Just being realistic Frank. Highly unlikely that normality will resume by Winter's end and even if it were I have my wife to consider. If it happens, it happens. If not we all depart this life with a lot of achievements and some things "yet to do".

Just get busy making my bowl on your lathe...here's the one I made for you. Cheers bn

IMG_2614.jpgrs.thumb.jpg.aa581df2242b2ffceac9f530ce5b3cd7.jpg

Neil. Looks great mate. We are going to have to get together at some stage to exchange these things. Bit hard at the moment with lock downs but things will improve.

Frank

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38 minutes ago, frankS said:

Neil. Don't mean to hijack Waza's thread but here's a few that I have done so far. will get better as I learn and get some decent wood.

 

1281380582_bowls2.thumb.jpg.f23e8b8637f8f7a42aaa9048d70e9edb.jpg

1798930055_bowls3.thumb.jpg.d9119c870c95a38f0327c0734c570789.jpg

Frank

Plenty of room on here to post your pics Frank. These look great. Plenty to choose from. Cheers, Neil.

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1 hour ago, GoingFishing said:

Wazza.....absolutely great read. 

I take my hat off to the writing and detail and especially the memories.

Thanks GoingFishing, as a young bloke these were the first "independently organised" trips where we caught a great bag of fish and had a heap of fun on light line I was using 5 lb Shakespeare "Noryl" mono and a Blackfish rod on the trip we got 63.

Used to get them in both Botany and the Harbour during the daylight hours as well.

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last august I was on the end of my uncles jetty on McCars creek and a massive hairtail came from out wide and underneath the jetty. I only saw it because I saw a bit of movement form under the moonlight and then shined my light on it. Any chance of targeting them there or would have that sighting been a one off?

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You lot are unreal. I have read the whole thread. I love the nostalgic and very informative fishing trip from the "good old days" to woodturning bowls. Frank you have many more fishing trips and bowls left in your bucket. We WILL all fish again and hopefully in the not too distant future (just spent $650 on the boat motor).

It's these fishing trips we hear about that gets our interest & gets us going to go out & explore. I don't think age matters. When I was a kid it was stories of Murray Cod as big as a wagon in the 'Bidgee, then it was 12lb in trout in Eucumbene, record Tailor from Diamond Head, Marlin off the rocks, now the young fuller is catching 15kg Spanish mackeral off the rocks on the mid north coast.

There's always time for one more cast.

These discussions are the ones that keep me logging in to share and care and see what is going on in the world of fishing.

Thanks heaps.

Hoods

 

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1 hour ago, James Clain said:

last august I was on the end of my uncles jetty on McCars creek and a massive hairtail came from out wide and underneath the jetty. I only saw it because I saw a bit of movement form under the moonlight and then shined my light on it. Any chance of targeting them there or would have that sighting been a one off?

Hi James you never know where Hairtail are going to turn up. Back in the 60's and 70's they turned up in both Botany Bay and the Harbour pretty much every year and there were plenty of genuinely huge ones amongst them,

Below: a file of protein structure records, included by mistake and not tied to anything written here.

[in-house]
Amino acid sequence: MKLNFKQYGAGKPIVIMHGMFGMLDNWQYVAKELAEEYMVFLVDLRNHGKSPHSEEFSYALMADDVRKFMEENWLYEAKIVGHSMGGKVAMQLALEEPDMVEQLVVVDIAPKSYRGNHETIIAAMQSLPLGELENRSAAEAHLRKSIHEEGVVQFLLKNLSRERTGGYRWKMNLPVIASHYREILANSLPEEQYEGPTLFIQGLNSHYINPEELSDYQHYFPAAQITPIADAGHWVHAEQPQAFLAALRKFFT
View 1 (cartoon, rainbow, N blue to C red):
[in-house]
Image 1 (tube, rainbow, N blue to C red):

In 1978 they were all over Sydney Harbour and we caught them at all the following places: Clifton Gardens- both the deep hole and the wharf, Sow and Pigs, both the "Green Wedding Cake" and Red one, hole at east side of Shark Island, Yellow blinker off Neilsen Park, Fort Denison, Walsh Bay, Zoo wharf, Kurraba wharf, Athol Bay and even up at Drummoyne and Iron Cove wharves. North Harbour sees them sporadically- they were there last year.

Other years they've turned up at Port Kembla and Coffs Harbour- where they were in absolute plagues one year. Newcastle Harbour gets them annually also, as does Box Head and Flint and Steel sees the big migrating schools travel past and it's become a reliable spot when they are on the move.

Closer to your uncle's place was another good spot called the "Pittwater Targets"- a series of Naval fixtures where the torpedo's were "aligned" during world war two. Many good fish including Hairtail and John Dory were caught in the vicinity of these structures as they became "natural" fish attracting structure. The targets are long gone, but the fish had to be in the area to be attracted to the structure in the first place.

So there's no reason you couldn't get one, especially if the water is clean and 4-5 metres deep. Add a food source for them to be hunting and you could be in business. In those sort of areas, a small live bait under a bobby cork is what I'd try if fishing for them 

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3 minutes ago, wazatherfisherman said:

Hi James you never know where Hairtail are going to turn up. Back in the 60's and 70's they turned up in both Botany Bay and the Harbour pretty much every year and there were plenty of genuinely huge ones amongst them,

In 1978 they were all over Sydney Harbour and we caught them at all the following places: Clifton Gardens- both the deep hole and the wharf, Sow and Pigs, both the "Green Wedding Cake" and Red one, hole at east side of Shark Island, Yellow blinker off Neilsen Park, Fort Denison, Walsh Bay, Zoo wharf, Kurraba wharf, Athol Bay and even up at Drummoyne and Iron Cove wharves. North Harbour sees them sporadically- they were there last year.

Other years they've turned up at Port Kembla and Coffs Harbour- where they were in absolute plagues one year. Newcastle Harbour gets them annually also, as does Box Head and Flint and Steel sees the big migrating schools travel past and it's become a reliable spot when they are on the move.

Closer to your uncle's place was another good spot called the "Pittwater Targets"- a series of Naval fixtures where the torpedo's were "aligned" during world war two. Many good fish including Hairtail and John Dory were caught in the vicinity of these structures as they became "natural" fish attracting structure. The targets are long gone, but the fish had to be in the area to be attracted to the structure in the first place.

So there's no reason you couldn't get one, especially if the water is clean and 4-5 metres deep. Add a food source for them to be hunting and you could be in business. In those sort of areas, a small live bait under a bobby cork is what I'd try if fishing for them 

Thank you for that great information. I believe that  4 metre deep water in within casting distance although where the Hairtail turned up was actually in around 1 metre or even shallower. I also I believe i have seen big head-wakes on that same say in winter. Would large kings come that far inshore in late august?